What does Brexit mean for the UK Games Industry?

Back to top

With less than a year to go until the UK is due to leave the European Union, businesses and individuals are beginning to prepare for the impact this will have on them. The following article is a personal view rather than Creative England’s policy, and is hypothetical and based on the assumption we will leave the EU next March and, regardless of where Brexit may lie on the Mohs scale, will have an economic impact for a while.

The UK Games sector is in a relatively unique position. Games can be exported to other countries digitally without the same tariffs and costs as physical goods, and is a growing market year on year. There are retail boxed versions, though digital delivery is where a majority of sales take place. For the domestic market, consoles and equipment may increase in price so consumers will be more likely to use what they already have. This will also effect equipment needed to create games, especially for smaller Indy studios working in VR or on high-end graphics.

60% of studios in the UK hire people from across the world, as well as 29% of academics teaching in UK universities being from overseas. There will likely be a talent shortage should the free movement of people cease to be, both in terms of developers as well as teachers.

On the flipside, having fewer developers able to carry out required work could increase wages as larger studios look to secure talent through offering more competitive salaries, although if the economy is weak then British developers may decide to emigrate. Studios could focus, as a result, more on internal training programmes and apprenticeships in order to meet the gap in skills, as well as more collaborations between universities and studios.

As well as the movement of people, the movement of data is also highly important. Many games use analytics in order to check player experience and the flow of data is integral to creating high-quality games. Current data protection laws exist to enable the sharing of data, and the UK won’t diverge from these regulations upon leaving the European Union although some think we may do at a later date. Should the flow of data be hampered this would make the UK industry much less competitive than counterparts in other countries.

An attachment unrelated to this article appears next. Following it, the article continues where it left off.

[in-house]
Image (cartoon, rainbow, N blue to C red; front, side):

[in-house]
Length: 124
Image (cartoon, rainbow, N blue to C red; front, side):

Accessing finance for games in the UK has always been difficult, and leaving the EU isn’t thought to increase the amount of money available in the short-term. European funded programmes are beginning to wind-down and a majority will stop early next decade. The UK government is also proposing a Shared Prosperity Fund to replace EU funding, so keep an eye out for that. However, a weak pound will make it so that international investment is seen as better value for money, with trends increasing since the vote to leave. Investors overseas could have a game made for a fraction of the cost it would in America or the EU – as well as the Video Games Tax Relief we offer further reducing costs – could make it so that the UK industry could see a very large increase in funding from overseas.

For that to happen, thinking more internationally is important. Attending events like Gamescom, Tokyo Game Show or GDC would be a way for UK developers to meet international financiers, but also designing and implementing games that have further international appeal would be important for exporting. Being aware of cultural differences will be necessary, so talking to specialists and understanding audiences will become important in terms of localisation. Organisations like the Chamber of Commerce can assist with general international business activity, as can regular events by UKTI in terms of trade. For international cultural collaborations the British Council is also worth looking towards.

Large businesses have already spoken about relocating offices and factories elsewhere, and I’ve spoken to a few developers who are also considering relocating to mainland Europe or opening a satellite studio elsewhere. Talent, finance, infrastructure and culture all play a part in these decisions though I’d imagine a lot are waiting to see the conclusion of negotiations between the UK and the EU before dedicating themselves to such activity.

Additionally, there are other considerations:

  • Will people be less willing to spend money on games, therefore looking more at free-to-play games or pirating them?
  • Will genres like roguelikes or strategy become more popular due to increased replayability?
  • Will Irish, Welsh, Scottish and English governments change their offer to the industry after next March?
  • Will the settings and inspiration of games be more varied to reach new audiences internationally?
  • Or will post-Brexit Britain itself be inspirational for new games?
  • Will the UK look towards what we have within our borders or the rest of the world for opportunity?

Related news